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In the Independent today, there’s a story of a supermarket checkout assistant at the Sainsbury’s Crayford store in south-east London being ‘hailed as a heroine after striking a blow for modern manners by refusing to serve a shopper who was talking on her phone’. Speaking after the incident, the shopper, Jo Clarke, a property manager, said about the checkout assistant ‘I couldn’t believe how rude she was. When did she have the right to give me a lecture on checkout etiquette? I won’t be shopping there again. I’ll go to Waitrose instead’

Not suprisingly, Sainsbury’s felt obliged to apologise to the customer saying that it was not company policy to refuse service to people on mobile phones, and gave Ms Clarke vouchers to compensate for her treatment. But social media sites and internet forums were enraged that the store had caved in, and the public appeared to be rallying round the checkout worker.

One could say a great deal about this incident, and its irony, but what struck me was the checkout assistant being hailed as a heroine.

Memorial to Heroic Self Sacrifice, Postman's Park, City of London

Tablet erected in memory of Alice Ayres in the Memorial to Heroic Self Sacrifice in Postman’s Park, Little Britain, City of London.
This is one of 54 memorial tablets erected on a covered wall in the park, as a record of ordinary people who died saving the lives of others and who might otherwise have been forgotten.

A hero or heroine  in Greek mythology and folklore, was originally a demigod, the son or daughter from one immortal and one mortal parent. Later, hero, or heroine, came to refer to characters who, in the face of danger and adversity or from a position of weakness, display courage and the will for self-sacrifice – that is, heroism – for some greater good of all humanity. This definition originally referred to martial courage or excellence, but extended to more general moral excellence. In a dictionary, the first definition is invariably one that defines hero as a person noted for feats of courage or nobility of purpose, especially one who has risked or sacrificed his or her life. But there are other definitions: someone who fights for a cause, someone who can be looked up to for their actions, a person noted for special achievement in a particular field, or who is idealized for possessing superior qualities in any field, or just someone who an individual admires or idolises very much. And of course the main character in a story, play, film, who is usually good, is often portrayed as a hero who, despite the odds being stacked against him or her, typically prevails in the end.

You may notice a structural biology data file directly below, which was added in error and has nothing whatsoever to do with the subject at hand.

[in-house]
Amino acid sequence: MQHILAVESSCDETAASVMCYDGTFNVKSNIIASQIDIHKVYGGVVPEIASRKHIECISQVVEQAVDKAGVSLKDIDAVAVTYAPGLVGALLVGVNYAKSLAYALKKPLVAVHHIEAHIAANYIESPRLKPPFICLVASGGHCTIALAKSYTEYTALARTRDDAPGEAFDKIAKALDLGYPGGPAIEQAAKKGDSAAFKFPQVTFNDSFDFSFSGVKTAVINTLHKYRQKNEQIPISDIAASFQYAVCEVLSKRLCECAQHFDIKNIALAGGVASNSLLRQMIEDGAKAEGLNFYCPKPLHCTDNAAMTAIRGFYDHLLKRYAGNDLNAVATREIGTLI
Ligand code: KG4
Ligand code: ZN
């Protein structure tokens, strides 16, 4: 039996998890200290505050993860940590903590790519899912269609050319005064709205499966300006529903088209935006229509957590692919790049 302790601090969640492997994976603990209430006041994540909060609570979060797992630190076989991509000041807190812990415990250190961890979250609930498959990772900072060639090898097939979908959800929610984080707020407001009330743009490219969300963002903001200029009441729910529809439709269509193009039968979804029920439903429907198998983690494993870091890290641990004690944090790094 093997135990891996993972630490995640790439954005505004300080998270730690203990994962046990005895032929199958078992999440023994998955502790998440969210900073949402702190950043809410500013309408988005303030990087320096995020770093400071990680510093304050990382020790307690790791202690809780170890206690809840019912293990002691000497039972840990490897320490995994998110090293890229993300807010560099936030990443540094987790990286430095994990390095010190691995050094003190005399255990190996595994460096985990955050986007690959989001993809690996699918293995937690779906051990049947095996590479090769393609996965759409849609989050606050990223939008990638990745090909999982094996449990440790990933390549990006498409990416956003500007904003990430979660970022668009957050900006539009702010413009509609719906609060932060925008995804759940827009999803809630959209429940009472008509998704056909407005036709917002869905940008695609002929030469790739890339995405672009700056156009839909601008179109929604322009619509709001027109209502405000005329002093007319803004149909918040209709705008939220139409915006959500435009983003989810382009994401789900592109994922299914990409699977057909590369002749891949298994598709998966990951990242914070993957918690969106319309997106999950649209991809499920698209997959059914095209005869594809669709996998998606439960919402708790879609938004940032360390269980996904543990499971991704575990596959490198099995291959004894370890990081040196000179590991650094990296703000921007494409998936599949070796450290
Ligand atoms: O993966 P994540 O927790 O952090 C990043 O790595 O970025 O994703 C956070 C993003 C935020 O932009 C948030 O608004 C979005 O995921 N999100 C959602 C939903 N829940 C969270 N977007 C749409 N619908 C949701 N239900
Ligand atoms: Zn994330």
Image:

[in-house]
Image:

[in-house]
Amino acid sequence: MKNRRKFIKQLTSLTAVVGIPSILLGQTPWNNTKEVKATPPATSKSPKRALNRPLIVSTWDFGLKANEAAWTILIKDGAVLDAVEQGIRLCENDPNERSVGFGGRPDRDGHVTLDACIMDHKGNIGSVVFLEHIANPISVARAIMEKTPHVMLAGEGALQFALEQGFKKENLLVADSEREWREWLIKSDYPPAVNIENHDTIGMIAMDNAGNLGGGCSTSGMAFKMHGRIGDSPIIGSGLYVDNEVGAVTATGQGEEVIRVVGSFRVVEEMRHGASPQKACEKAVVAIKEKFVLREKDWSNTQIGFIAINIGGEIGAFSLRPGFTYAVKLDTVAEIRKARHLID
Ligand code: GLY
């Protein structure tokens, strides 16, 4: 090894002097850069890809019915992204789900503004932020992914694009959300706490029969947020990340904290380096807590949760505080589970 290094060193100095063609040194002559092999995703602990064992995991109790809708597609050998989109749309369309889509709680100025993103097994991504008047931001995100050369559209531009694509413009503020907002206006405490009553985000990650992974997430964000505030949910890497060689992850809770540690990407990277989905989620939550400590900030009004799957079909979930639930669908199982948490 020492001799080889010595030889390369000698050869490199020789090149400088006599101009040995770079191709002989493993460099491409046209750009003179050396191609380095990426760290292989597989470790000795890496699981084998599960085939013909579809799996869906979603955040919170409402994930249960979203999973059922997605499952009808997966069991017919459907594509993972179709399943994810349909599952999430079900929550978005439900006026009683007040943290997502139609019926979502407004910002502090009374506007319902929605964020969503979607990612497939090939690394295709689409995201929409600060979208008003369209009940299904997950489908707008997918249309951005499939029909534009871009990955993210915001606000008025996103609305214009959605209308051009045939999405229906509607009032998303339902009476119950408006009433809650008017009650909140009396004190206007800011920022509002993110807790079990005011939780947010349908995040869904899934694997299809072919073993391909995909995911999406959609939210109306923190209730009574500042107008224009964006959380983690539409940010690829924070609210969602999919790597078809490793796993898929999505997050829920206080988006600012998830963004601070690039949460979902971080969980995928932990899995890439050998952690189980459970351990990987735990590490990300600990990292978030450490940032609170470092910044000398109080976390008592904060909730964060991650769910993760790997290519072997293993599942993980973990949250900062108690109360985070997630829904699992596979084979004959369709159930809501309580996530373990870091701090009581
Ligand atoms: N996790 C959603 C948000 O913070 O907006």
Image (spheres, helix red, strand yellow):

Myself, I prefer the hero who is brave in the face of danger or adversity, who fights for a cause for the benefit of others, as opposed to someone who is successful in their field, or who has influence, wealth, or fame. In the latter case, musicians, singers, sports people, TV personalities, royalty, are often idolised by fans and commentators and described as heroes, as are some inventors, scientists, entrepreneurs, unorthodox business people, and populist politicians. But to me, none of these groups are being brave in the face of danger or standing up for a cause with little regard for the consequences.

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The lost counties of Britain

The lost counties of Britain

There was an interesting feature in The Independent on 24 April 2013. It said that ‘Eric Pickles, the MP, chose St George’s Day to encourage the return of Britain’s ancient, lost counties’. Headed ‘Geography’ the feature had an attractive map of the UK with fifteen ‘lost counties’ identified, such as Brecknockshire, Middlesex, Sutherland, Westmorland, with some facts, in circles, about each of them.

One ‘lost county’ shown was Rutland. Unfortunately county status was restored to Rutland in 1997, having been part of Leicestershire for the previous twenty years. Rutland is and always has been the smallest historic county in England – first mentioned as a separate county in 1159 – so its inhabitants will not take kindly to the idea of their county being ‘lost’.